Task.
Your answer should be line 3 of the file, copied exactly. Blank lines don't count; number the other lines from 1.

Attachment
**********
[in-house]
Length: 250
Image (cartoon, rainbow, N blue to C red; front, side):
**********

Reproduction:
Image (cartoon, rainbow, N blue to C red; front, side):